Far and away one of the best books I’ve ever read on child-rearing is Standing on the Promises, by Doug Wilson. If you were to ask to borrow my copy, I’m not sure it would do you any good because you probably wouldn’t be able to read the words from all my notes and markings.
However, if you are looking for a “how to” book to help you raise your children, this is not the book for you. While the book is not without practical application, Wilson is far less concerned with giving you twelve easy steps to parenting godly kids as he is with giving you a firm foundation upon which to do so. But, I hasten to add, the book is anything but abstract and impractical. It is encouraging, instructive, and even inspiring. I heartily recommend it to any and all parents who are seeking to raise godly children in this ungodly age.
Here are a few choice quotes from the first chapter that I think are worth passing on…
The Fountainhead of Culture
The biblical family is an instituted government, established by God at the very beginning of human history. The constitution for this government was written by him, and revealed to us in his Word.
Parents bring up their children to be colonists at the proper time, planting families of their own.
Consequently, each family is designed to be a culture – with a language, customs, traditions, and countless unspoken assumptions. God has made the world in such a way that children who grow up in the culture of the family are to be shaped and molded by it. The duty of the husband and father is to ensure that the shaping is done according tot he standards of the Word of God.
[A common problem among modern Christians] is that of forgetting the family is a culture at all, and allowing, by default, outside cultural influences to take primacy in how the children are shaped. When the biblical cultural mandate for the home is abandoned in the home, the vacuum will not be there for long.
By nature, children are malleable. They will either be shaped lawfully, by those commanded by God to perform the task, or they will be shaped unlawfully, by outsiders. But as children, they will be shaped.
This is one of the many great series by T.M. Moore at The Fellowship of Ailbe. Do yourself a favor and sign up for the various newsletters that are offered from this Kingdom-minded ministry. Moore is a wise and godly man who walks closely with the Lord and has much to offer the church today.
This series, on how Christians ought to understand and engage culture, is a helpful tool for all who want to represent Christ well and reach the world for his sake. These studies work well as either your own personal devotional resource or as study material for your small group… or both.
1.) Repudiate (Engaging Culture, Part 1)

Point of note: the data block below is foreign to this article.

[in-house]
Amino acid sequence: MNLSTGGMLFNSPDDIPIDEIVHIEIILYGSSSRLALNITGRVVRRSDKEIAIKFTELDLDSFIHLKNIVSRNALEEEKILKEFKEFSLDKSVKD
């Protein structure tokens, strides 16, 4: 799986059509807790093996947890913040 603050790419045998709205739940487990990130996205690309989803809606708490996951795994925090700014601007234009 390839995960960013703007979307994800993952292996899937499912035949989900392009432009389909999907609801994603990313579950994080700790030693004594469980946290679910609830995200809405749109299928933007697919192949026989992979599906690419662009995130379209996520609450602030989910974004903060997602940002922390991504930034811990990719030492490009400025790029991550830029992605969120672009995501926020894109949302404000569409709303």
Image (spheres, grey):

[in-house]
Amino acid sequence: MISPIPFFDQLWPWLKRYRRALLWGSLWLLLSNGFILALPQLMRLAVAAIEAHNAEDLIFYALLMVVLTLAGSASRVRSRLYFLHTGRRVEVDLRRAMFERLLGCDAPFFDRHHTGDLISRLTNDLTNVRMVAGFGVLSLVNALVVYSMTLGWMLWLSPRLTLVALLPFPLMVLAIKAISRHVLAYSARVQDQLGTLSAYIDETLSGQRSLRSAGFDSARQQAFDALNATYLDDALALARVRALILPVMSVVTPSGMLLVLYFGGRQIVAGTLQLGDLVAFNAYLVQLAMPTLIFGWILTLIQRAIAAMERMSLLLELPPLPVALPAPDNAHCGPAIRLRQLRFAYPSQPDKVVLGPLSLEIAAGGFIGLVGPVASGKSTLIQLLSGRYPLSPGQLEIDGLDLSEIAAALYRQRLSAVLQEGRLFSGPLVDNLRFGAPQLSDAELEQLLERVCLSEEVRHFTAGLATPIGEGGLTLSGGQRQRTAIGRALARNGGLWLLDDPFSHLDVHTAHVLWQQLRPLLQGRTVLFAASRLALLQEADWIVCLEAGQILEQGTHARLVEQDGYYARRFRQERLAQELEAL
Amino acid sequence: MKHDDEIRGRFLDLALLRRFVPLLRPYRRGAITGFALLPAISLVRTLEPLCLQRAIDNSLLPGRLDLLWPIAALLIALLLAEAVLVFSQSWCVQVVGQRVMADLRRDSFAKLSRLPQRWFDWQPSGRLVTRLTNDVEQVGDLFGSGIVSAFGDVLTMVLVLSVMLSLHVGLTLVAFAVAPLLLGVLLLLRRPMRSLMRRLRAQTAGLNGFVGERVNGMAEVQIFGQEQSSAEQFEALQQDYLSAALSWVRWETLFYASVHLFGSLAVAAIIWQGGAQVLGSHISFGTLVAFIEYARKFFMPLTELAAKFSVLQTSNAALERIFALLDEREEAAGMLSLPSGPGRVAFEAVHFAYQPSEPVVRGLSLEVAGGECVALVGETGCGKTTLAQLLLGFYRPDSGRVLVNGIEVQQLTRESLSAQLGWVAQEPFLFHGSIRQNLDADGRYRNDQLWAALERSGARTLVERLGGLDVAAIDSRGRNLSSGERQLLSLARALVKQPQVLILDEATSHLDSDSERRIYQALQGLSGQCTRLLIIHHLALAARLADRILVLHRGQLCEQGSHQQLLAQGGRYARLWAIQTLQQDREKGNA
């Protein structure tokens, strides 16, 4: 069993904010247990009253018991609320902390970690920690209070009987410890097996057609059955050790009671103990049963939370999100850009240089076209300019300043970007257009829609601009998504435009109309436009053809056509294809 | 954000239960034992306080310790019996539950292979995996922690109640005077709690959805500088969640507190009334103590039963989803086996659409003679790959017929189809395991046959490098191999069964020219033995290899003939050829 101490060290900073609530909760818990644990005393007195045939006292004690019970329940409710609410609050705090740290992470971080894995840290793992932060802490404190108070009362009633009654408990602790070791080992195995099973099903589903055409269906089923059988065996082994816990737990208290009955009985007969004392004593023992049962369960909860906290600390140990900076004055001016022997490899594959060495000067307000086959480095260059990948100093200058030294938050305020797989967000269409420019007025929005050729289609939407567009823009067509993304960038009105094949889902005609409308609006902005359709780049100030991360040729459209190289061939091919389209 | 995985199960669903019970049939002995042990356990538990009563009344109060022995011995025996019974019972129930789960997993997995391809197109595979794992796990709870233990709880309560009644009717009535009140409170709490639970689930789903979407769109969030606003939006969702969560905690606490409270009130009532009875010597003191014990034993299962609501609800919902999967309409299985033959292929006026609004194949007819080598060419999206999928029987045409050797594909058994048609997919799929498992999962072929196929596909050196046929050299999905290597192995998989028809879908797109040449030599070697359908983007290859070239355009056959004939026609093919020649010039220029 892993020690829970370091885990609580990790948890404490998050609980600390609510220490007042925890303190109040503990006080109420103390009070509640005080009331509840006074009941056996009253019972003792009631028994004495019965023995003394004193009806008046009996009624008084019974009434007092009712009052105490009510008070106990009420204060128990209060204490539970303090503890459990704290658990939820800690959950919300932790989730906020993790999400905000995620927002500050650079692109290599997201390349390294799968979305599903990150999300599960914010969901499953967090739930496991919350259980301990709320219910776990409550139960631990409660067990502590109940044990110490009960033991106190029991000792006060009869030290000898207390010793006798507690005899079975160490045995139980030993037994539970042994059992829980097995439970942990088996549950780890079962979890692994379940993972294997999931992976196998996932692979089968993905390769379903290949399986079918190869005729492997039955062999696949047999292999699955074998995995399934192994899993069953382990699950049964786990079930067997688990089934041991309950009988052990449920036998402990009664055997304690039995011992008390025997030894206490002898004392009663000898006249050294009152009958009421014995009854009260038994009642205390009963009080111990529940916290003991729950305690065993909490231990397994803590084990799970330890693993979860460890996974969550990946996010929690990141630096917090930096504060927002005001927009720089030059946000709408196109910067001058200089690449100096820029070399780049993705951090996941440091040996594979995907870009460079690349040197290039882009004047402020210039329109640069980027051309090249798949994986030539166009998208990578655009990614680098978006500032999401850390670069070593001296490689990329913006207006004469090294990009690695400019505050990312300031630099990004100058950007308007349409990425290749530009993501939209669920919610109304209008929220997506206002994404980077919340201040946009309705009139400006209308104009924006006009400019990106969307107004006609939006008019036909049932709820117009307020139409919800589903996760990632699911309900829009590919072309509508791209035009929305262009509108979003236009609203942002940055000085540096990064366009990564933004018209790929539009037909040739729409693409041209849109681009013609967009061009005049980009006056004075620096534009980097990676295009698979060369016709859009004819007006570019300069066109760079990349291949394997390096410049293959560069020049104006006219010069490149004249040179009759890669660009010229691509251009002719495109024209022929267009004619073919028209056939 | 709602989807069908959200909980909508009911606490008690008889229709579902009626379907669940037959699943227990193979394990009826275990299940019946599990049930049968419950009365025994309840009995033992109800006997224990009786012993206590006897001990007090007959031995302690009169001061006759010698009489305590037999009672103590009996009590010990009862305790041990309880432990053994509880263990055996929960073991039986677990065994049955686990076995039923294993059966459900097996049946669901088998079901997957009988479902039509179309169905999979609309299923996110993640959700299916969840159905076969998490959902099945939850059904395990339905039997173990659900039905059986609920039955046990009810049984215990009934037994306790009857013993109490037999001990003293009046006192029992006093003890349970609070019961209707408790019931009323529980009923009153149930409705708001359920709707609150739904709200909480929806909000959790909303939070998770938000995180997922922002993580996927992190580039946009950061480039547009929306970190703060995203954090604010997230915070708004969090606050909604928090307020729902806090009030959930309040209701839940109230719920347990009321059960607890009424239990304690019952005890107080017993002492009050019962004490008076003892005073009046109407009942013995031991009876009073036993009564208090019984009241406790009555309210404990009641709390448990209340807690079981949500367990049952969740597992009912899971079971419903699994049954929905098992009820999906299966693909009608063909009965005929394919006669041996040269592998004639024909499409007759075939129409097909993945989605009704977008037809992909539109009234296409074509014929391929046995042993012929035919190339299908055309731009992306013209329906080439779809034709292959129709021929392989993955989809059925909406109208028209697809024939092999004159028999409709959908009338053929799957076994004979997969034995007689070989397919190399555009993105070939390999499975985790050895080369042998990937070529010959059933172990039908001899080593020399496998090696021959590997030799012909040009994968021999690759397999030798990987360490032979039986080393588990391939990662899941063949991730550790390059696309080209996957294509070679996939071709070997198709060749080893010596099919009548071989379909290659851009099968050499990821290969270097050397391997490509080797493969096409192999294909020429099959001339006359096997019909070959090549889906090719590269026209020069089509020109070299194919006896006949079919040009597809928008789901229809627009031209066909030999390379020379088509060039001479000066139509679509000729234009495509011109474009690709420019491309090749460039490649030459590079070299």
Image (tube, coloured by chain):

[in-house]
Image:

2.) Appropriate (Engaging Culture, Part 2)
3.) Redirect (Engaging Culture, Part3)
4.) Transform (Engaging Culture, Part 4)
5.) Innovate (Engaging the Culture, Part 5)
6.) Three “Legs” (Engaging the Culture, Part 6)
7.) Three “Braces” (Engaging the Culture, Part 7)
Christians have often truncated the scope of Christian witness one way or the other, depending on the person or group with whom you are speaking. For example, sometimes witness is understood purely in terms of evangelism and missions. Other times, bearing witness for Christ is framed exclusively in terms of social action.
Instead, the church is at her best when she views and practices her witness as a both/and… not an either/or. It’s what George Grant called in his book by the same name, The Micah Mandate (a very, very important book in my life that did much to shape me).
Bearing a faithful witness for our King and his Kingdom involves introducing folks to our King and helping them come to know him in a meaningful, transforming, personal, and saving way. Yet it also involves representing our King in the midst of the lesser kingdoms of this world. He desires to rule and reign in every sphere of life and we must go out into the highways and byways to stand for… and even fight for… his mercy, justice, and peace, according to his way of doing things. Of course, all of this is to be done with great humility, and always in the context of loving our neighbors by serving them and sharing his truth with them.
At all times we are under his authority and are not at liberty to pursue our own agendas and preferences. This means we must dig into what his Word says. The Great Commandment, Great Commission, and Cultural Mandate all require loving, serving, and obeying our King for his glory and the good of our neighbors. This is our Christian witness. It’s what I’ve elsewhere referred to as Kingdom Discipleship.